P&G's Dina Howell on how to integrate shoppers and retailers into the marketing mix ~ Sounds + Food 'n' Retail

Via About.com, I stumbled across an interview with Dina Howell from Proctor & Gamble, on their marketing strategy. P & G, for those that don't know, develops and markets a wide range of consumer-products from hair care to pet nutrition. 

Being a producer is very interesting and obviously a very complex position to be in. For instance, you do not have complete control over the product experience, which can be frustrating, if not handled properly. Nevertheless, both producers, retailers, and shoppers have shared interests to make the experience a positive one as possible. The obvious step is thus an increased co-operation between these parties. Ms. Howell outlined several ways in which this is happening at P&G.

I imagine that P&G's methods, as will be outlined in this article, are not the best, nor the only way to improve the shopper-experience. Nevertheless, some interesting core-principles came out of the article, namely the importance of collecting data; the effects of new strategies on the organisation; and how to work with partners in the value chain.

The importance of data
On Tech IT Easy, I wrote a post on the importance of statistics, and similarly everything at P&G is dependant on measuring data, which comes from a number of sources: retail-locations, shoppers, and consumers, in the context of the store (the first), and in the context of home-use (and the second moment of truth), and is instrumental in what Howell calls "commercial innovation"—basically innovation which happens on a marketing-level, as opposed to a product or packaging-level.

Commercial innovation comes from studying shopper-needs closely and adapting products in the sense that they become useful for them. An example mentioned is long-haired people and hair colour. Observation taught P&G that they these types of shoppers tend to buy two packs of hair-colour as one simply doesn't suffice. So a commercial innovation was to sell packs of two's, simple but effective.

The challenge of organisational change
The advantage of understanding the customer-perspective is of course obvious: it leads to leaner and more effective product-strategies. At the same time, it requires a massive organisational dedication, which does not come easy. For one, traditional mass-marketing tactics still work and there is not always the incentive to change. Much of marketing-literature is still focussed on that area of business as well. And, of course, change is costly, requiring resources, human, technological, or otherwise, to be relocated to this purpose only.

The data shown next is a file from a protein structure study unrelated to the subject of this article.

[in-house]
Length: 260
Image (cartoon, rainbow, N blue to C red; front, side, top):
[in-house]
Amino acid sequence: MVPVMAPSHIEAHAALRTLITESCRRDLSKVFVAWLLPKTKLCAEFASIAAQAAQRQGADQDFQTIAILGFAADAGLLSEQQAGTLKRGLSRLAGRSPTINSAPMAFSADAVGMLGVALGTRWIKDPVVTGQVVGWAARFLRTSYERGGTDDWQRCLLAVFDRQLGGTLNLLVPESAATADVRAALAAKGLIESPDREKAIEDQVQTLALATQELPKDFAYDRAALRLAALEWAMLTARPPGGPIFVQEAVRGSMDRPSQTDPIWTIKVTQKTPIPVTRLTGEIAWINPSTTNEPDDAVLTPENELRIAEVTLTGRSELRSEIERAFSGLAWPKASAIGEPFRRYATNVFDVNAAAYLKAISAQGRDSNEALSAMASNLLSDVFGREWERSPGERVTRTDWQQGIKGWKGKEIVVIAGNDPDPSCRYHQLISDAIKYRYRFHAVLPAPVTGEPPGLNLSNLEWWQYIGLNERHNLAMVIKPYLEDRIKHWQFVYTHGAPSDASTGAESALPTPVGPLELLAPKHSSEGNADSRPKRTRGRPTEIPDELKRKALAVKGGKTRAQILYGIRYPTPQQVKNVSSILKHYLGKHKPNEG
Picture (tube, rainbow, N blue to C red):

Developing co-ordinated strategies
Another challenge as a producer is to overcome the disconnect with consumers, particularly if you're not the one doing the selling, and certainly not the one using it. That requires finding channels that work, by co-operating closely with retailers, and giving them an incentive to co-operate with you. One method of effectively measuring in-store product-performance and designing effective sales-environments is to use a benchmarking system like PRISM, which ties all these parties in the retail value-chain together, and turns the retail store into a medium "compared to television advertising". That brings advantages to both the retailer and the producer, as both can co-design an environment that maximises revenue.

Final thoughts
The question is of course whether these measures can be applied to other environments as well. It seems to me that new businesses will find it easier, if they design their organisation from the bottom up in a way that performance can be measured and improved on various levels, and which are also compatible with practices of business-partners. Since, so far, much of my thinking comes more from software-design, it is an obvious conclusion. But is it a workable one?

The graph is courtesy of Clickz. Dina Howell is leader of Procter & Gamble’s shopper-marketing strategy and the entirety of the interesting interview with her on these issues can be read at Hub Magazine (pdf).


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